Social media do not help with this. As their scope is to keep users’ engagement high, they tend to display thesis and information reflecting the ideas in which the user can recognize himself because it is thanks to these that s-/he will stay connected on the social. If we close our eyes and – for example – imagine to be firmly convinced about the fact that vaccines are good and suddenly discover that our Facebook or Twitter walls are invaded by news coming from anti-vax news sites, we can guess that probably we would not click on those links and that we would quit the social media way before what we usually – unfortunately – do.
The docu-movie the social dilemma produced by Netflix is very informative on the matter. “Try to type on Google ‘ climate change is ‘ , you are going to see different results depending on where you live and the particular things Google knows about your interests” .
In light of the impact that these mechanisms in the social media have had on people – that then turned into actions and political decisions (see the Russiagate and the Cambridge Analytica scandal), Facebook is taking countermeasures aimed to increase the plurality of information displayed to users, with the aim of stopping the spread of fake news, although it looks like there is still a lot to do.
Media and information: what to do then?
Nowadays, the media are in the tricky situation of being forced to inform people by summing up in a very short time the news from a world that is complex and constantly changing. Dedicating the time required to deepen and elaborate the diverse thesis is just not an option as it would require the recipient to use time and attention and – at that point – one would most likely switch to another channel. What to do then?
Above all, we should ask ourselves why a person moves towards a specific thesis, running the risk of getting involved in that ingroup-outgroup vicious circle described above that leads to label information without elaborating them. So to say, we should check what is there at the root of a person’s reaction in front of a message, seeking what leads a person to acknowledge a piece of information as more authoritative than another.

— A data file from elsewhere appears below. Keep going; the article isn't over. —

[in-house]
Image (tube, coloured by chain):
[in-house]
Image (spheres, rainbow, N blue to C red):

It is awe-inspiring to look at the studies of the early ‘50s of the past century – studies looking more actual than ever – on that peculiar persuasion strategy that Hovland and his colleagues at Yale’s university called fear appeal. In their experiments, Janis and Fisherbach – colleagues of Hovland – exposed participants to messages regarding dental illnesses and what behaviours to adopt in order to avoid them, dividing participants into groups according to the intensity of fear of the message which they had been subministrated. Differently to what they could expect, those who – after a few weeks – had actually changed behaviour in a more relevant manner were not those who had received the scarier message but those whose message had a weak fear appeal.
According to researchers, this should be due to the recipient’s reaction to messages threatening the se. The recipient, feeling threatened, would reduce such distress by seeking answers able to loosen the tension. To do that and feel safe, the user is in front of an (unconscious) choice: s-/he can go for using the behaviours suggested by the message or can activate defensive answers such as denial or discrediting the message itself and the envisaged consequences of the dangerous behaviour. In this case, the users will think something like “well, maybe the message was a bit exaggerating, this behaviour is not that dangerous”.